Amid the robust business in China, German auto giant Volkswagen (VW) is renewing its cooperation contract with Chinese state-owned carmaker First Automobile Works (FAW) three years ahead of its expiry in 2016. Not only that, it also wants a significant increase in its holdings in the thriving joint venture.
Martin Winterkorn, chairman of VW, was quoted as saying recently that the company would seek to increase its stake in the JV to up to 50 percent. But interestingly, Winterkorn’s remarks were more of a unilateral statement than a consensus reached between the pair – FAW reportedly declined to respond. Together with its subsidiary Audi, VW currently has a 40 percent stake.
Established in 1991, the FAW-VW tie-up is indeed one of the German carmaker’s pillars of income. The venture is expected to sell 1.5 million cars this year with revenues approaching the 30 billion yuan (US$4.9 billion) mark.
Upbeat and burgeoning as the business is, it may however lay bare the long-standing controversy between VW and FAW when it comes to the equity structure. VW wants to have a bigger say at the JV – many of its rivals including Daimler, BMW and Toyota all own 50 percent shares in their joint ventures in China. But FAW’s response has been apparently lukewarm.
Disclosing issues that both parties have not yet agreed on may easily backfire, as an anonymous FAW executive bluntly commented that the 50 percent stake was “wishful thinking”, The Economic Observer reports.
And the timing of VW’s latest appeal may not be so favorable either as FAW is readying for its much-awaited capital market foray. The venture, which is also the Chinese automaker’s rainmaker, can be a persuasive selling point to boost valuation and woo investors. That’s the reason why FAW won’t easily give up its controlling status.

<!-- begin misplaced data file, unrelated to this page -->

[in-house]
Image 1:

The odds of a rupture between the two partners are still small since sharing a piece of the buoyant market remains their common aspiration. It is reported that FAW’s bottom line will be a “shares for technologies” solution – FAW is prepared to reduce its holdings to no less than 51 percent in exchange for some key intellectual property. But that is still subject to approval from the state-owned enterprises’ watchdog.
Analysts say the pair can perhaps take a page out of the precedent set by Daimler and Beijing Automotive, which formed a cross-shareholding alliance – Daimler agreed to buy some of Beijing Automotive’s shares and vice versa.
FAW’s upcoming initial public offering can be a good occasion for VW to gain a stake in its Chinese counterpart to pave way for further negotiations.
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